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Insulin signaling after exercise in insulin receptor substrate-2-deficient mice
journal contributionposted on 2002-02-01, 00:00 authored by Kirsten HowlettKirsten Howlett, K Sakamoto, M Hirschman, W Aschenbach, M Dow, M White, L Goodyear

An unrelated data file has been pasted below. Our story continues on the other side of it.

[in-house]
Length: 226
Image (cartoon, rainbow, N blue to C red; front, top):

The period immediately after exercise is characterized by enhanced insulin action in skeletal muscle, and on the molecular level, by a marked increase in insulin-stimulated, phosphotyrosine-associated phosphatidylinositol (PI) 3-kinase activity. Because the increase in PI 3-kinase activity cannot be explained by increased insulin receptor substrate (IRS)-1 signaling, the present study examined whether this effect is mediated by enhanced IRS-2 signaling. In wild-type (WT) mice, insulin increased IRS-2 tyrosine phosphorylation (2.5-fold) and IRS-2-associated PI 3-kinase activity (3-fold). Treadmill exercise, per se, had no effect on IRS-2 signaling, but in the period immediately after exercise, there was a further increase in insulin-stimulated IRS-2 tyrosine phosphorylation (3.5-fold) and IRS-2-associated PI 3-kinase activity (5-fold). In IRS-2-deficient (IRS-2-/-) mice, the increase in insulin-stimulated, phosphotyrosine-associated PI 3-kinase activity was attenuated as compared with WT mice. However, in IRS-2-/- mice, the insulin-stimulated, phosphotyrosine-associated PI 3-kinase response after exercise was slightly higher than the insulin-stimulated response alone. In conclusion, IRS-2 tyrosine phosphorylation and associated PI 3-kinase activity are markedly enhanced by insulin in the immediate period after exercise. IRS-2 signaling can partially account for the increase in insulin-stimulated phosphotyrosine-associated PI 3-kinase activity after exercise.